Several residents had questions regarding the tax rate, the prospects of the tax rate increasing over the next several years, and one resident expressed concern that the added tax bill would off-set the cost of living raises to his Social Security benefits for the rest of his life.

Opposition and questions during Tuesday’s public hearing centered on the impact the annexation would have on Brown County’s property taxpayers. If the annexation were approved, and if the 11-cent tax rate were adopted, then the property taxes on a $100,000 would increase by $110.

Ranger College is also proposing to annex Erath and Comanche Counties into their taxing district. Currently, Ranger’s taxing district consists of the portion of the Ranger Independent School District that is located within the bounds of Eastland County.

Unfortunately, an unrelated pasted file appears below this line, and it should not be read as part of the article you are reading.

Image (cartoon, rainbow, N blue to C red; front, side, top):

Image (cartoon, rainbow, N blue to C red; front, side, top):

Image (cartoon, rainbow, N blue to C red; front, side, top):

Ranger College clarifies proposed tax rate

Ranger College officials say that the only tax on the ballot in Brown, Erath and Comanche Counties is the 11-cent per $100 valuation. In an email to KXYL, Public Relations Director Ryan Ronan explained that the 11-cent tax is the only tax on the ballot for Brown County, and there will be no debt tax, or any other tax proposed to, or voted on by Brown County voters. Brown County voters will consider being annexed into the Ranger College taxing district in an upcoming referendum election.

With that in mind, the 11-cent tax on a $100,000 home would result in that homeowner’s property tax bill increasing by $110 per year.

Previous reports of a 32.272 cent tax rate were drawn from a service plan where Ranger College reported that the administration anticipated a 21.2721-cent I&S tax rate to service debt. Ronan told KXYL that tax rate is not being proposed to Brown County voters.

Ranger College’s service plan to Brown County indicates that the school plans to expand services to Brown County if the annexation referendum passes.